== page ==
Ok, it doesn't say "iPod" but what else would two 22-year olds cool enough to listen to tunes while freezing to death have? Raises the question as to what's appropriate freezing-to-death music. Maybe those dumb emergency flasher iPod apps aren't so dumb after all.
Submission Summary: 0 pending, 13 declined, 0 accepted (13 total, 0.00% accepted)
instarx writes: The New York times and AP report that Swiss rescue officials found two missing skiers after spotting the light from their MP3 music player. Rega spokesman Gery Baumann says the two men were eventually found after midnight in steep, wooded terrain by a helicopter crew that spotted the light from their digital music player. Baumann said Saturday that the two 22-year-olds suffered only mild hypothermia despite enduring temperatures as low as 5 degrees Fahrenheit (minus 15 degrees Celsius)."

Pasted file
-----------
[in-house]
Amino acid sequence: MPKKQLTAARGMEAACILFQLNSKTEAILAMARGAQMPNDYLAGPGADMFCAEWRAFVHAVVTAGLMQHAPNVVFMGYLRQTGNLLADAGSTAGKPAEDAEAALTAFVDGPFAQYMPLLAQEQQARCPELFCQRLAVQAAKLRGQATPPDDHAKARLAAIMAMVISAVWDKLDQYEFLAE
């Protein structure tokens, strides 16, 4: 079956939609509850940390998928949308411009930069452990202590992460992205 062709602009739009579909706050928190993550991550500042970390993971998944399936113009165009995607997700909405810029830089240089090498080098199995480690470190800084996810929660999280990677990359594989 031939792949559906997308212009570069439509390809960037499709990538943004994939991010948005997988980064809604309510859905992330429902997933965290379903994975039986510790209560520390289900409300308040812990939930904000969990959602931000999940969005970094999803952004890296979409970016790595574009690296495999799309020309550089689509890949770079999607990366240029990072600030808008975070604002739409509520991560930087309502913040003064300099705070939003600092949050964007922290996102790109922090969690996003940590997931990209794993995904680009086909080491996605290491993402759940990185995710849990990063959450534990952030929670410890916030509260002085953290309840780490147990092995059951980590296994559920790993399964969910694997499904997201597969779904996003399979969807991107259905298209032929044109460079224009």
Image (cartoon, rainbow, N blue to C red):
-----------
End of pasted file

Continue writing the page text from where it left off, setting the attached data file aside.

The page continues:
instarx writes: The U.S. government contends that it is perfectly free to inspect every file on every laptop that enters the country, whether or not there is anything suspicious about the computer or its owner. Rummaging through a computers hard drive, the government says, is no different than looking through a suitcase. Recent court cases seem to support the government's position. However, there is one bright spot for citizens worried about government intrusion at the border: if your laptop files are encrypted, legal experts say, you probably cannot be forced to give the government the password — because doing so would violate your Constitutional right against self-incrimination [of course the government disagrees]. Several recent cases are discussed in the New York Times article by Adam Liptak [free registration required].